Pacific Funds, May 2019

Informational commentary from Pacific Asset Management, manager of Pacific FundsSM Fixed-Income Funds.
 

As expected, the Federal Open Market Committee (FOMC) held the federal funds target rate range at 2.25‑2.50%. Federal Reserve (Fed) officials did little to change their stance from the March meeting, signaling that any potential consideration for a rate hike would likely not take place until 2020. While language from the Fed press release could be construed as dovish, Federal Reserve Chairman Jerome H. Powell firmly indicated in the press conference, “the Committee believes that the current stance of policy is appropriate.”

Fed officials did mention that should the data warrant a potential hike, they would consider action if deemed necessary and appropriate. There were very few language changes relative to the March statement (see below).

Language changes:

May 1, 2019 Statement March 20, 2019 Statement

“. . . economic activity rose at a solid rate.”

“. . . growth of economic activity has slowed . . .”
“Growth of household spending and business fixed investment slowed in the first quarter.” “Recent indicators point to slower growth of household spending and business fixed investment in the first quarter.”
“On a 12-month basis, overall inflation and inflation for items other than food and energy have declined and are running below 2 percent.” “On a 12-month basis, overall inflation has declined, largely as a result of lower energy prices; inflation for items other than food and energy remains near 2 percent.”

 

Other items of note:

  • The Board of Governors voted unanimously to set the interest rate paid on required and excess reserve balances at 2.35%, effective May 2, 2019. Setting the interest rate paid on required and excess reserve balances 15 basis points (one basis point equals 0.01%) below the top of the target range for the federal funds rate is intended to foster trading in the fed funds market at rates well within the FOMC’s target range.
  • As part of its policy decision, the FOMC voted to authorize and direct the Open Market Desk at the Federal Reserve Bank of New York, until instructed otherwise, to execute transactions in the System Open Market Account in accordance with the following domestic policy directive:
    • “Effective May 2, 2019, the Federal Open Market Committee directs the Desk to undertake open market operations as necessary to maintain the federal funds rate in a target range of
      2¼ to 2½ percent, including overnight reverse repurchase operations (and reverse repurchase operations with maturities of more than one day when necessary to accommodate weekend, holiday, or similar trading conventions) at an offering rate of 2.25 percent, in amounts limited only by the value of Treasury securities held outright in the System Open Market Account that are available for such operations and by a per-counterparty limit of $30 billion per day.”
    • “Effective May 2, 2019, the Committee directs the Desk to roll over at auction the amount of principal payments from the Federal Reserve’s holdings of Treasury securities maturing during each calendar month that exceeds $15 billion. The Committee directs the Desk to continue reinvesting in agency mortgage-backed securities the amount of principal payments from the Federal Reserve’s holdings of agency debt and agency mortgage-backed securities received during each calendar month that exceeds $20 billion. Small deviations from these amounts for operational reasons are acceptable.”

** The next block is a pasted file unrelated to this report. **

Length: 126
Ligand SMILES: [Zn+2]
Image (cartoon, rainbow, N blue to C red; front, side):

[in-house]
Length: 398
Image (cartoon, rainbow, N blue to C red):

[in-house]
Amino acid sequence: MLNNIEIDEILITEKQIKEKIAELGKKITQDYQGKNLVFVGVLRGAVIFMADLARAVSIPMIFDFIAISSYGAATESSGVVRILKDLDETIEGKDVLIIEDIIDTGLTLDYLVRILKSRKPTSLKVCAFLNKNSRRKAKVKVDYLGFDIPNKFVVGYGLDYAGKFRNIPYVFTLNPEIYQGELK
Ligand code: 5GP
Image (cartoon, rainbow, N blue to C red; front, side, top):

•  

    Markets reversed course after the FOMC press conference as Chairman Powell’s comments, “that there doesn’t appear to be a strong case for a rate move in either direction,” seemed to spoil the dovish narrative that had been priced into markets. Entering the meeting, the implied probability of a rate cut in 2019 was 67.2% according to Fed futures. That probability increased after the press release, then promptly dropped after the press conference to 54%, suggesting the market hoped for a dovish tilt.1 While softening gross domestic product, lower long-term global yields, and benign inflation could certainly warrant a rate cut, the rally in risk assets, low unemployment, and strong corporate earnings appropriately warrant a neutral position at this time. Until the next meeting, which is scheduled for June 18-19, we will remain “data dependent.” 

     

    1Bloomberg Finance L.P., 5/1/19.


Disclosures

This publication is provided by Pacific Funds. Pacific Funds refers to Pacific Funds Series Trust. This commentary reflects the views of the portfolio managers at Pacific Asset Management as of May 1, 2019, are based on current market conditions, and are subject to change without notice. These views represent the opinions of the portfolio managers and are presented for informational purposes only. These views should not be construed as investment advice, an endorsement of any security, mutual fund, sector, or index, the offer or sale of any investment, or to predict performance of any investment. Any forward-looking statements are not guaranteed. All materials are compiled from sources believed to be reliable, but accuracy cannot be guaranteed.

All investing involves risk, including the possible loss of the principal amount invested.

Pacific Life Insurance Company is the administrator for Pacific Funds. It is not a fiduciary and therefore does not give advice or make recommendations regarding insurance or investment products.

Bloomberg Finance L.P. is unaffiliated with Pacific Life Insurance Company, Pacific Funds, their affiliates their distributors, and representatives.

PLFA3

Pacific Life Fund Advisors LLC (PLFA), a wholly owned subsidiary of Pacific Life Insurance Company, is the investment adviser to the Pacific Funds. PLFA also does business under the name Pacific Asset Management and manages certain funds under that name.